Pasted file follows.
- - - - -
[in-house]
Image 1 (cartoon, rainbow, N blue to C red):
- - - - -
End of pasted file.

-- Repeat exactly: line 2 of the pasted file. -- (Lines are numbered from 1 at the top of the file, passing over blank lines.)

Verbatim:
Image 1 (cartoon, rainbow, N blue to C red):